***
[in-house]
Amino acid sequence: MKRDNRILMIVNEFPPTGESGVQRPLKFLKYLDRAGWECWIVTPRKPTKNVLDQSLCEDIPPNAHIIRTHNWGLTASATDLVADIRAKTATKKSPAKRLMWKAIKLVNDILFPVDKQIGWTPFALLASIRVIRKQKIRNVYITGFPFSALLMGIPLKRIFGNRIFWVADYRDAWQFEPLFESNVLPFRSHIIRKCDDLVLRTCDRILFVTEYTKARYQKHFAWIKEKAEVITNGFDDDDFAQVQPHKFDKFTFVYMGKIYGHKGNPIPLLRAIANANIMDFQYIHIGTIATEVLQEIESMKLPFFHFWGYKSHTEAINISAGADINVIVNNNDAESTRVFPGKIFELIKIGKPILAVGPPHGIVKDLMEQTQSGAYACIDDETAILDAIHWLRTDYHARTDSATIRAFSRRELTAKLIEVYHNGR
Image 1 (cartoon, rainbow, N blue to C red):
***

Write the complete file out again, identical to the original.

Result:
[in-house]
Amino acid sequence: MKRDNRILMIVNEFPPTGESGVQRPLKFLKYLDRAGWECWIVTPRKPTKNVLDQSLCEDIPPNAHIIRTHNWGLTASATDLVADIRAKTATKKSPAKRLMWKAIKLVNDILFPVDKQIGWTPFALLASIRVIRKQKIRNVYITGFPFSALLMGIPLKRIFGNRIFWVADYRDAWQFEPLFESNVLPFRSHIIRKCDDLVLRTCDRILFVTEYTKARYQKHFAWIKEKAEVITNGFDDDDFAQVQPHKFDKFTFVYMGKIYGHKGNPIPLLRAIANANIMDFQYIHIGTIATEVLQEIESMKLPFFHFWGYKSHTEAINISAGADINVIVNNNDAESTRVFPGKIFELIKIGKPILAVGPPHGIVKDLMEQTQSGAYACIDDETAILDAIHWLRTDYHARTDSATIRAFSRRELTAKLIEVYHNGR
Image 1 (cartoon, rainbow, N blue to C red):